As is all of life, marriage is a gift. This gift comes to you in a distinct shape because the person who has been given to you is distinct. You must bear in mind that the gift you have been given is reality and not some phantom or wish. Remember that “…to accept the given as it gives itself, and to allow it its existence as such, in its own truth, goodness and beauty, is the precondition for learning anything about it.”[i] You must allow your spouse to exist as he has given himself. This is the very heart and purpose of your marriage: to create a space in which you can both become who you are. You stand in the tension between the reality of yourselves as you currently are and the selves that you will be. You are at home even as you wander in the wilderness. This relationship is your Sabbath rest, your place of renewal, until the coming of Him who is our Sabbath rest.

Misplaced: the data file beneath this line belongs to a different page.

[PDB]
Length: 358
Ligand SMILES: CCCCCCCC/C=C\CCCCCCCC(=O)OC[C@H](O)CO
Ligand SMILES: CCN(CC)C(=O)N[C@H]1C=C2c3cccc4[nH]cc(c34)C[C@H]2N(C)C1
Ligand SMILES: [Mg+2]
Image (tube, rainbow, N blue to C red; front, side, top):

This gift is given to you in a world which perpetually vacillates between reality and unreality; it hovers always between being and nonbeing. How will you live in this suspension? You will live through memory and sight. By ‘memory’, I do not mean the kind of recollection which results in exaltation of the past and denigration of the present. As Qoheleth warns, the question, “Why is it that the former days were better than these?” is not born of wisdom. This question is folly precisely because it is not a question of remembering, but of forgetting. The fool ‘remembers’ the former days as better than his present lot, but forgets to recollect them in their fullness: the painful and pleasurable aspects of the past. He was not satisfied with the ‘former days’ even when they were present to him.